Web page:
I have a small stepper (pololu.com/product/2134/). Without a load they seem to work fine. I have adjusted the current for the 70% of the motor current (600ma). With just a masking tape flag on the shaft, the unit seems to have some fairly nice torque and speed when using /16 micro stepping. Now with such a small motor, by fair amount or torque I mean I can apply some finger pressure to the shaft and not have it stall. Pinch it harder, and I can stall the motor without any danger of hurting my fingers.
The problem comes when I add a small rotating platform to the shaft. The weight is fairly well distributed and probably no more than 5 ounces. Using the same pulse delay as before (60 usec), the unit simply twitches. By increasing the delay to 200 usec, I can get the unit to turn but now at a much slower speed.
I also notice that at the end of the turn when I stop stepping, the motor shaft seems to oscillates back and forth (less than one step) several times at a fairly high frequency before coming to rest. It looks more out of focus than a discernible oscillation.
- How does one pick the proper step rate to allow for maximum speed and not stall the motor?
- Is it normal that I might need to accelerate and decelerate my motions?
- If so, any hints on how to do that? Microstep at an deceasing rate, then switch to a smaller microstep size to to even faster than ramp down in reverse?
I am building a tracking device that needs to scan a small photodiode back and forth at a pretty fast rate. Any suggestions welcome. My project can be seen here:
The higher the drive voltage and motor current limit, the more torque and speed you get. There is no reason not to set the driver current limit to the motor’s rated winding current limit, unless your power supply can’t handle more. (For fewest problems, the motor power supply should be able to supply twice the rated winding current).
What voltage are you applying to the the driver? If that is already near the limit of 10.8 V for the DRV8834, then consider a higher voltage driver.
For fastest performance and highest torque, manufacturers recommend using drive voltages of around 10 times (or more) the motor voltage rating, in this case 3.9 V, so you can go up to 36 V with no problem. This driver will let you do that: pololu.com/product/2131
With that driver, 600 mA/winding and a 36 V, 1.2 amp power supply, you can expect MUCH higher performance.
I am using a 20 amp capable 5V supply. I have adjusted the current pot using the testpoing to get the 600ma per coil output. I had originaly picked the lower voltage controller thinking that I would be running this “cute little tiny” stepper from a regulated 5 volt rail. Little did I realize at the time just how much juice 600ma per coil is! Way more than a TO-220 can provide. I may very well buy the higher voltage controller and run from the unregulated 12V battery.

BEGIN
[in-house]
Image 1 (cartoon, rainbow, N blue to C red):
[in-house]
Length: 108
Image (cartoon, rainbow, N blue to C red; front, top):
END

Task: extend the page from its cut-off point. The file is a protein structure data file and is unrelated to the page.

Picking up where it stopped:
In the meantime, I am still interested in dynamic responce control. If I am scanning this motor back and forth ± 30 degrees what would be the best way to change directions. I can only imagine that going from full speed one direction to full speed the other would not be a good thing. Anyone have any suggestions for ramp speed/acceleration profiles to use? Or even a good set of experiments to run to determine an pseduo optimal profile?
It is normal to have to implement some kind of acceleration to get the maximum speed out of a stepper motor. Unfortunately, I do not know of a better method than trial and error to determine what kind of acceleration profile is best. You can get an idea of the maximum speed your stepper motor will be able to achieve from the pull out torque curve on the motor’s product page. Keep in mind that those curves are measured under very specific conditions, so if you are using a different microstepping mode or supply voltage, that will affect the maximum pulses per second you can achieve.
As Jim Remington suggested, increasing the supply voltage should also help.
I started to get much better results with a simple linear ramp up to a constant speed followed by a ramp down to a halt, flip direction and do it over again.
I have a higher voltage motor controller on order and will swap it out when it arrives.